For around $200 you can get an x ray to peer at your bones and for a little over $5,000 you can get an MRI to get a better look at the soft tissue around those bones (8) – but what do these really tell you if you will likely require conservative treatment first? Physical therapists are skilled at deducing a probable diagnosis based on special test findings during your examination and your personal report of symptoms. With active and passive movement based tests, we are able to work out if it is soft tissue versus skeletal; muscular versus ligamentous; degenerative versus acute.
Are images useful? Of course. They can augment a PT’s exam findings, but they hold little merit when used alone. On the whole, imaging is not necessary for a musculoskeletal injury unless there has been enough trauma to suspect fracture or disc rupture; there are signs that your symptoms may be originating from somewhere outside the musculoskeletal realm (what we term and scan for called “red flags”); if your prior conservative treatment has not helped improve you symptoms over a 4-6 week period (this may vary); and if you are preparing for something big - like surgery.
If you are questioning if imaging is right for you, contact your primary care physician or feel free to contact us. You could save yourself time and money, while getting on the path to better health.
1. Boden SD et al. “Abnormal magnetic resonance scans of the lumbar spine in asymptomatic subjects: A prospective investigation.” J Bone Joint Surg Am 1990; 72A:403-408
2. Boos N, et al. “1995 Volvo Award in clinical science: The diagnostic accuracy of MRI, work perception, and psychosocial factors in identifying symptomatic disc herniations.” Spine – 1995; 20:2613-2625
3. Boos N, et al. “Natural history of individuals with asymptomatic disc abnormalities in MRI: Predictors of low back pain-related medical consultation and work incapacity.” Spine 2000; 25:1484
4. Borenstein G, Boden SD, Wiesel SW, et al. “The value of magnetic resonance imaging of the lumbar spine to predict low-back pain in asymptomatic individuals: A 7-year follow-up study. J Bone Joint [am] 2001; 83:320-34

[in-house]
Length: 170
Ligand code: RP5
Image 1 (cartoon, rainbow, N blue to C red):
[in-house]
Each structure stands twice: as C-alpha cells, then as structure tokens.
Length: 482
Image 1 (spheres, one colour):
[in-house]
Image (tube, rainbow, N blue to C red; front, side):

5. Jensen MC, et al. “MRI imaging of the lumbar spine in people without back pain.” N Engl J Med – 1994; 331:369-373
6. Powell MC, et al. “Prevalence of lumbar disc degeneration observed by magnetic resonance in symptomless women.” Lancer – 1986; 2:1366-7
7. Unknown. “Investigations for low back and leg pain.” The Physiotherapy Site. http://www.thephysiotherapysite.co.uk/physiotherapy/back-pain/investigations. 08/11/2014.
8. Unknown. "How Much For An MRI? $500? $5,000? A Reporter Struggles To Find Out." Kaiser Health News. http://www.kaiserhealthnews.org/stories/2012/december/09/mri-cost-price-comparison-health-insurance.aspx. 08/11/2014
9. Unknown. Choosing Wisely. http://www.choosingwisely.org. 08/11/2014
10. Weishaupt D et al. “MRI of the lumbar spine: Prevalence of intervertebral disc extrusion and sequestration, nerve root compression and plate abnormalities, and osteoarthritis of the fact joints in Asymptomatic Volunteers.” Radiology – 1998; 209:661-666
11. Wiesel SW, et al. “A study of computer-associated tomography: I. The incidence of positive CAT scans in asymptomatic group of patients.” Spine 1984;9:549-51